Piety.  Respect.  Intimacy.  This, for me, gets at the core of the very different kind of spectating the Tour invites.  This seems to me very different from the kind of spectatorship which accompanies other events.  If I think about watching a basketball game live, or a soccer game live?  Arrogance.  Entitlement.  But above all, distance.  This is what Sides concludes (rightly, I think) is what draws millions to line the roadsides of the Tour.  For this particular sport, these are the top athletes in the world; they are megastars.  In virtually no other context are even a few spectators, much less millions, allowed to be literally within touching distance of what are, from the business end of things, pieces of extremely expensive and hard to replace sports machinery.  That is what Sides means by respect.

Do accidents happen?  Of course.  Veteran tour watchers will remember Marcus Burghardt hitting a dog and crumpling his front wheel like a crepe while leaving the dog uninjured (but looking decidedly embarrassed).  Or Lance Armstrong snagging the strap of a spectator’s purse and going down (of course, now that Armstrong’s reputation seems poised to undergo a reversal of the magnitude usually reserved for Latin American dictators in the wake of a coup this incident will probably be re-written as Armstrong trying to snatch the woman’s purse).  But what is truly remarkable, given the raw numbers, is how rarely these events happen.  Crashes and injuries abound in the tour, but very few of them are caused by spectators impinging upon the route.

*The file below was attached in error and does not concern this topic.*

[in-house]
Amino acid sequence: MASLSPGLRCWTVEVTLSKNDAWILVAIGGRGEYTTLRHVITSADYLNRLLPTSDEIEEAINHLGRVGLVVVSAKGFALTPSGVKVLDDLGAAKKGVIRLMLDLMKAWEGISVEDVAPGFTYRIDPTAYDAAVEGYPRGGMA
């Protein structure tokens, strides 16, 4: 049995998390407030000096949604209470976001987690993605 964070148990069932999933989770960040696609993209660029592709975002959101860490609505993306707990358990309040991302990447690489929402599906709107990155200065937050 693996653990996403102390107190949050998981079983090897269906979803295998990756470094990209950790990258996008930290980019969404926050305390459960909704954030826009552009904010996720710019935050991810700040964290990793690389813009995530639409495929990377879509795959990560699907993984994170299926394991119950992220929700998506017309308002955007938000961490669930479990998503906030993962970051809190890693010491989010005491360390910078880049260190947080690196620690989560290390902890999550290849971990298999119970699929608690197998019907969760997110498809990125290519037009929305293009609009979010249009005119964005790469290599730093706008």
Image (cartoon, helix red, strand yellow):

It is also true that at times the riders themselves seem to find the craziness all a little much.  This year Thomas Voeckler in particular seemed to be making a career out of swatting and dope-slapping running spectators like a jumped-up hall monitor.  The venerable team of Liggett and Sherwin at times also felt the need to get seriously censorious with the activities of the crowd in the kind of schoolmarmish prissiness that only the Brits seem to be able to carry off without losing all credibility.  Why is it that so many fans seem to feel compelled to run alongside the riders, arguably putting both runner and rider at risk?

It is tempting to blame the obvious culprit here: the presence of television.  The people aren’t running for the riders or even themselves, but just to get themselves on TV.  Nothing defines our modern reality as much as the feeling that we aren’t fully real unless we’ve appeared on video: either performing some stupid stunt off the roof of your garage that a brain-damaged lemming would hesitate to undertake, or filming yourself having improbably acrobatic and soullessly mechanical sex.  There’s a terrible existential despair at the heart of this impulse: we can’t prove to ourselves that we exist, that we were even here in this world unless there is video evidence, a desperate hope that time’s winged chariot can be held at a safe distance by a camcorder.

But I’m not convinced that this kind of exuberant excess is any more prevalent now than it has been in former years.  There’s a good reason that Sides reaches for the language of faith in trying to describe what he witnessed:

I now realized that the huge crowds show up for the Tour not so much to see it as to partake: Almost as much as the racers themselves, they’re active participants, extras in a drama that moves beyond sport into other, higher realms–into questions of motivation and powers of will, into age-old mysteries of the spirit and flesh.